Don’t Call Geisha Prostitutes

The word geisha most likely comes from a Japanese dialect that isn’t used anymore. Nowadays, if you look up the word for art in standard Japanese, you will get びじゅつ、 (bijutsu; but it really means fine art). For person, you will get ひと. I’m going to operate under the assumption that geisha was from the “Old Tokyo dialect”, and it literally translates to “art person”, not “prostitute”. There are many things that are considered art forms, from classical music to calligraphy to poetry and even conversation. The most important aspect of the geisha is that they are entertainers. Even sex in it’s own way can be considered an art form, in the correct context.

I often refer to Japan as the art capital of the world. Art is so deeply rooted in Japan’s history that it pretty much is Japan’s history. All of my experiences with Japanese culture while growing up, were artistic. From studying Kenpo to the stories from Shintoism to the incredible souvenirs my god-mother brought back for me when I was little.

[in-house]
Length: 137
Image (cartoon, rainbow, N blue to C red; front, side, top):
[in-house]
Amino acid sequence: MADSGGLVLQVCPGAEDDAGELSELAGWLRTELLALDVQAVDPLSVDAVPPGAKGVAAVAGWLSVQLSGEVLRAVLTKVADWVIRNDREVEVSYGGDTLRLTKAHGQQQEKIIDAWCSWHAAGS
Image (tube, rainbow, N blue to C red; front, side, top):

I won’t sit here and say that geisha were not, at times, exploited, because women have been exploited in every corner of the globe. But I won’t sit here and act like geisha are somehow worse-off than American women, or any other woman in any other part of the world. It’s been my experience that if a cultural behavior is different than what we’ve grown up with, we label it as wrong. Well it’s not wrong for a woman to be a geisha, who lives, eats, breathes and performs art. By your logic, the starving artist down the street would also be a prostitute because he sells his paintings. If you think selling your body and selling your paintings are not the same thing, there are thousands of artists lined up around the block to tell you otherwise. Art is, and always will be, an extension of the human form.